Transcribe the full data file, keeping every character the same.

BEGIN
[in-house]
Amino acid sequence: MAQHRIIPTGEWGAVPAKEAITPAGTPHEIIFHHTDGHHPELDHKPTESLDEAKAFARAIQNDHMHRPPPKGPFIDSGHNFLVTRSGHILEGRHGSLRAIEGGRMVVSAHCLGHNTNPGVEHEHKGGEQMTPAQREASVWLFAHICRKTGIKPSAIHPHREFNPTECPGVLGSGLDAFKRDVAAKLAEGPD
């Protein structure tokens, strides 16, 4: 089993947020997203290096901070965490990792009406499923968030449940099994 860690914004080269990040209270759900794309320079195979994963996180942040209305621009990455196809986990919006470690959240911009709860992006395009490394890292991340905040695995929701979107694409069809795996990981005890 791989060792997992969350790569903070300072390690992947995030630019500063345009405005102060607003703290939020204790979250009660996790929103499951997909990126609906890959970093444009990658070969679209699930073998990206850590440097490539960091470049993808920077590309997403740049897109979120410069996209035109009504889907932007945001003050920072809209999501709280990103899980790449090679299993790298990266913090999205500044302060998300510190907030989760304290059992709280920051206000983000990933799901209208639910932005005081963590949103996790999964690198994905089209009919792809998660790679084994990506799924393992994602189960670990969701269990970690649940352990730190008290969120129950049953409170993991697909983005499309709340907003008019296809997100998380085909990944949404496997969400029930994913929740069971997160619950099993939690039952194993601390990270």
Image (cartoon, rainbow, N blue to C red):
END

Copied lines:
[in-house]
Amino acid sequence: MAQHRIIPTGEWGAVPAKEAITPAGTPHEIIFHHTDGHHPELDHKPTESLDEAKAFARAIQNDHMHRPPPKGPFIDSGHNFLVTRSGHILEGRHGSLRAIEGGRMVVSAHCLGHNTNPGVEHEHKGGEQMTPAQREASVWLFAHICRKTGIKPSAIHPHREFNPTECPGVLGSGLDAFKRDVAAKLAEGPD
């Protein structure tokens, strides 16, 4: 089993947020997203290096901070965490990792009406499923968030449940099994 860690914004080269990040209270759900794309320079195979994963996180942040209305621009990455196809986990919006470690959240911009709860992006395009490394890292991340905040695995929701979107694409069809795996990981005890 791989060792997992969350790569903070300072390690992947995030630019500063345009405005102060607003703290939020204790979250009660996790929103499951997909990126609906890959970093444009990658070969679209699930073998990206850590440097490539960091470049993808920077590309997403740049897109979120410069996209035109009504889907932007945001003050920072809209999501709280990103899980790449090679299993790298990266913090999205500044302060998300510190907030989760304290059992709280920051206000983000990933799901209208639910932005005081963590949103996790999964690198994905089209009919792809998660790679084994990506799924393992994602189960670990969701269990970690649940352990730190008290969120129950049953409170993991697909983005499309709340907003008019296809997100998380085909990944949404496997969400029930994913929740069971997160619950099993939690039952194993601390990270």
Image (cartoon, rainbow, N blue to C red):